Series: Star Trek: The Next Generation
Season 1, Episode 3
Original Air Date: October 5, 1987
|via Memory Beta|
Enough preamble. Anyone who knows the series knows why this episode is memorable: Tasha and Data have sex. The seduction itself is certainly provocative but more impressive is the fact that Data is capable of sex at all. Apparently he is both "fully functional" and "programmed in multiple techniques." Lucky Tasha!
There are other more restrained - and less surprising - hookups amid the merriment: Riker and Troi; Picard and Crusher. But as the Captain cautions in the end, "I think we shall end up with a fine crew... if we avoid temptation." It's nice of him to reassure us that Gene Roddenberry's "Wagon Train to the stars" won't devolve into Love Boat to the stars.
In addition to the predictable blushing over "fully functional" Data, the episode was criticized at the time for being a rehash of a TOS story. Understandably, the faithful were concerned that the new show would be too dependent on the old. I'm not so bothered by that. Obviously, I have the benefit of knowing the series will grow plenty in its own right and I am also grateful for the links to the past. New is good but Trek should, in essence, remain Trek.
More troubling to me is the character development shortcut employed. Roddenberry, with both this story and the original, liked the idea of laying all of the characters' deepest motivations out in full view. I would much prefer he have more faith in the writers and actors to impart all of that in more subtle ways. Some of it's too easy anyway: Wesley wants to be taken seriously, colleagues want to get it on with each other, etc. And some doesn't quite ring true: Geordi wants to be able to see like everyone else? Long-term, part of what's cool about the character is that he doesn't seem much bothered. Suggesting otherwise at this point is unnecessary clutter.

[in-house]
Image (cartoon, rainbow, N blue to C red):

However, there is a more encouraging signal in this story, though perhaps one easily missed in the early going: not all of the material will run through Picard. It took a long time for the TOS writers to catch on to the fact that Spock is actually a more interesting character than Kirk. McCoy stories are easily counted on one hand. Scotty stories? One. Anyone else? Not a chance. It is already clear TNG will be different. It's definitely Picard's ship but there's plenty of room for the others. The world building aboard the Enterprise is off to an excellent start.
Jonathan Frakes was born August 19, 1952 in Bellefonte, Pennsylvania, a town I drive through every summer. In fact, it's where we got our marriage license. He grew up in Bethlehem, Pennsylvania, though. He was a theater major at Penn State, then got a Master's from Harvard.
As with Patrick Stewart, Frakes's career began on the stage, premiering on Broadway in Shenandoah. Before Trek, he had television guest appearances on several shows, including The Waltons, Eight Is Enough, The Dukes of Hazzard, Hill Street Blues and, one of my own long-lost favorites, Voyagers! He had a brief run as a regular on the daytime soap opera Doctors. The prime-time soap opera Bare Essence was short-lived but it was a fortuitous gig for Frakes: he met his wife. They've been married since 1988.
He really does play the trombone, though not as well as Trek footage would have one believe. As Frakes puts it, "When Riker played badly, it was me, but when he was playing well, it was Bill Watrous." Frakes did play well enough to march with the Blue Band at Penn State, though.
Frakes (feeds my theory: eventually, everyone plays "Summertime"):
Bill Watrous with Chick Corea, his solo starts at 2:40 (somehow, I always come back to "Spain"):